Pro-Beijing lawmakers voice concerns over foreign judges' support for gay rights
But members of the camp stopped short of pledging to block the appointments of Brenda Hale and Beverley McLachlin
Pro-establishment lawmakers on Friday spoke out against the appointment of two leading foreign judges to Hong Kong’s top court over their support of same-sex rights but stopped short of pledging to block their appointments.
Baroness Brenda Hale and Beverley McLachlin – Britain’s current top judge and Canada’s former top judge – cleared their first hurdle to join the Court of Final Appeal with a five to one approval from a Legislative Council subcommittee on Friday.
The House Committee and Legco will now have to vote them in before they are formally appointed by Hong Kong’s top official, Chief Executive Carrie Lam Cheng Yuet-ngor, a process that officials hope can be completed by May. They would be the first female non-permanent judges in the city’s judiciary.
To date, Legco has never rejected the appointment of either local or foreign judges, with the voting process widely seen as a rubber stamping of recommendations offered by the administration and the Judicial Officers Recommendation Commission – an independent committee comprising the city’s chief justice, the justice minister and representatives from the legal sector.
But during the meeting on Friday, members of the pro-establishment camp voiced reservations over Hale and McLachlin’s “subjective views” on same-sex equality, saying they were echoing concerns expressed by members of the public.
The Canadian parliament legalised same sex-marriage in 2005 with Britain doing so in 2013. McLachlin ruled in 2004 that the Canadian parliament was authorised to pass same-sex marriage laws. Hale has ruled in high-profile discrimination cases arising from same-sex discrimination in Britain.
Despite the concerns from his camp, lawmaker Holden Chow Ho-ding of the Democratic Alliance for the Betterment and Progress of Hong Kong stressed that he and his party welcomed and supported the appointments.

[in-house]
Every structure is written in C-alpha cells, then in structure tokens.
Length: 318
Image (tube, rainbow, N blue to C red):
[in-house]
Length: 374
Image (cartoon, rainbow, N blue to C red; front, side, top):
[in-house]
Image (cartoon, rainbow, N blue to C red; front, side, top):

“We definitely will not block them,” he said. “The two non-permanent judges are both legal heavyweights who will help our legal system.”
Liberal Party lawmaker Shiu Ka-fai added he had not decided how he would vote, but noted lawmakers needed to be careful about their comments affecting the prospects of two local judges, Andrew Cheung Kui-nung and Robert Tang Kwok-ching, also up for appointment to the highest court.
Pro-Beijing lawmaker Junius Ho Kwan-yiu, the only Legco member on Friday to vote against Hale and McLachlin, claimed the two opposed traditional “family values”.
Yet he said blocking the appointments never crossed his mind and conceded their nominations “were not tantamount to legalising same-sex marriage”.
“Both are also leading judges.”
Amid the public consternation, members of the city’s judiciary and government as well as opposition lawmakers have warned against politicising the appointments.
Emma Lau Yin-wah, secretary of the Judicial Officers Recommendation Commission, said it would be “inappropriate” to hold a person’s background or political beliefs against him or her.
“When a foreign judge sits on the Court of Final Appeal, he or she hears the cases as a Hong Kong judge, according to Hong Kong law,” Lau added.
Macau proposal to ban foreign judges on some cases would ‘dent confidence’ in Hong Kong, says legal expert
Democratic Party lawmaker James To Kun-sun said even Beijing had acknowledged the importance of judicial independence. He believed this was why the commission was in charge of recommending judges that the chief executive would then appoint.
To noted that even if the foreign non-permanent judges were appointed, they would be only one among five presiding judges at a typical full sitting of the court.